It wasn't just Syrian refugees who entered Turkey yesterday. Businessmen, merchants and vacationers also continued arriving via the official border crossings. If there is anarchy in Syria, it's limited to very specific regions. In the rest of the country, life goes on as usual.
The stark contrast between the crowded refugee camp in Yayladagi and the quiet border post two kilometers away, through which Mercedes cross in both directions, seems to encapsulate the situation in Syrian President Bashar Assad's domain. A senior Israeli defense official told Haaretz last week that he expects Assad's regime to collapse within months, or at most a little over a year, but it hasn't happened yet.
Nevertheless, something has changed. The Syrian government's claim that 120 soldiers were murdered by "armed gangs" is rapidly being exposed as a cover story for its own murder of soldiers who disobeyed orders to shoot civilian demonstrators. Refugee after refugee has testified about soldiers being shot by other soldiers or by plainclothes members of the security forces. There is still no way to estimate the extent of mutiny and desertion in the Syrian army, but it seems this is becoming the key threat to the regime, despite its success in maintaining order in most of the country.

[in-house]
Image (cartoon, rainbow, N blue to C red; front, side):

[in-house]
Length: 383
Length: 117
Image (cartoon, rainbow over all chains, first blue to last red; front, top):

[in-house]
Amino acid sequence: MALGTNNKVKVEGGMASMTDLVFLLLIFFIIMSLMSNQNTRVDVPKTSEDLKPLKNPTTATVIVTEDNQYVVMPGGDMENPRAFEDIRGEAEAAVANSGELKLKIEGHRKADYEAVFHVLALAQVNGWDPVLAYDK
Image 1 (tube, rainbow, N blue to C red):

The second significant development is the revolution's slide over the border into Turkey. Until now, by closing his country to foreign journalists and severing communications lines, Assad has managed to isolate the demonstrators and largely control the flow of information. But the flight of refugees into Turkey creates cracks in the information clampdown, and also a real problem for Syria's northern neighbor, its staunch ally for a decade.
For now, despite pro forma condemnations, Ankara is standing by Damascus. It's allowing refugees in, but confining them in camps near the border and preventing all contact between them and either journalists or ordinary Turks. Turkey's fear is that pressure on the border might spread eastward, into the country's Kurdish areas, which from its standpoint are far more sensitive.
Turkish Prime Minister Recep Tayyip Erdogan has so far opted to try to contain the Syrian unrest and avoid further destabilizing Assad's government. But if the flow of refugees increases and Assad still refuses to reform, Erdogan might well allow the refugee camps to become the Syrian opposition's temporary base, thus allowing it to grow into a real alternative to the regime in Damascus.